Helping low-income Vermonters weatherize their homes is good for our economy and our way of life. H.439 generates the money to do this by asking higher income Vermonters to pay a mere average of $2/month to invest in low-income weatherization. This plan will provide the best bang for the buck and boost Vermont’s economy, while saving lives.
H.439 Will Improve the Health of Vulnerable Vermonters
In a recent report, the Vermont Dept. of Health estimated that
weatherizing 2,000 low-income homes in Vermont would help prevent an estimated
223 emergency department visits, 13 hospitalizations, and 0.5 deaths over a 10-year
period, associated with reduced health impacts caused by asthma, cold and heat.
They also estimated the 10-year value of energy and health benefits from
weatherization to be at least $24,757 per household, or about three times the
Vermonters with limited incomes can least afford the costs of
inefficient homes and volatile fossil fuel prices. They stand to gain the most
– in savings and health – from this crucial program.
Currently Vermont invests approximately $10 million in state
funds annually to weatherize about 900 vulnerable Vermonters’ homes. This cost,
approximately $8,500 per home, achieves an approximate 29% energy savings per
home (average $500/year) and lowers greenhouse emissions by about 1.8 tons per
Weatherization can help reduce low income Vermonters’ energy
bills and free up more of their money to spend on other important things:
education, health care, food, childcare and other things that contribute to our
Heating an inefficient, leaky home is like sending dollars up
the chimney and out the windows. Rural and low income Vermonters are the most
likely to live in these homes.
The Best Bang for your Buck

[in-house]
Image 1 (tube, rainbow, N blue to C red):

Investing in efficiency has proven time and again to be one of
the highest return investments possible in the energy sector. The
cheapest energy source is the energy that you don’t use.
For every $1 invested in weatherization $2.51 is returned to the
household and community.
The U.S. Department of Energy estimates that for every $1
invested in weatherization, it returns over FOUR times ($4.50) in energy and
non-energy benefits…creating lower bills, healthier homes, greater comfort,
greater productivity, and reducing GHG emissions. There is no investor on Wall
Street who wouldn’t want that cost/benefit ratio.
The Vermont Department of Health estimates that the 10-year
benefit of weatherization in fuel savings and health is nearly THREE times
greater than the initial investment per household.
H.439 will be Good for Vermont’s Economy
Efficiency supports the largest number of clean energy jobs in
Vermont (10,600 in 2017). Of those, 7,800 Vermonters are employed in
weatherization and thermal efficiency.
This investment will create more jobs in Vermont’s fastest
growing job sector – clean energy – equating to full time jobs through the WAP
agencies and their subcontractors.
This investment would help keep far more Vermont energy dollars
in state. Vermont imports 100 percent of the fossil fuels we use. That means 78
cents out of every dollar spent on fossil fuels leaves the state, creating a
significant drain on our economy.
For every dollar invested in weatherization, roughly 50 cents
goes to local labor and about 30 cents buys materials (mostly from local
suppliers) with the remainder going to equipment, vehicles, supplies and
administration. Most of these dollars stay local, recirculating and helping to
bolster Vermont’s economy.
H.439 Will Help Vermont Meet Climate Goals
Since 2005, Vermont has had greenhouse gas emissions goals in
statute, aimed at doing our part to address the increasingly urgent issue of
climate change. We are falling far short of those goals and more needs to be
done to reduce energy consumption in our 2nd most carbon-intensive sector. To
meet our GHG targets and get to 90% renewable by 2050, Vermont needs to drive
down about 1/3 of its energy consumption through efficiency.
In 2007, the Vermont Legislature set a goal of weatherizing at
least 25% of the state’s housing stock by 2020 (approximately 80,000 housing
units overall). As of 2017 (latest figures), Vermont was at 25,409 overall and
just over 10,000 low-income. We have a ways to go.
This is also one of the most economically impactful climate
action strategies the state could embrace. Recently, at the request of JFO, the
Regulatory Assistance analyzed “non pricing” climate and energy solutions.
Their high level takeaway? In terms of addressing climate change,
weatherization “avoid(s) carbon emissions at better than zero cost.”
Let’s take a stand for our most vulnerable Vermonters and give
an extra boost to our economy while we’re at it!
For more information, here are some recent editorials about
Vermont Weatherization efforts:
Collins: How we heat our homes matters
Mohri: The good work of the Weatherization Program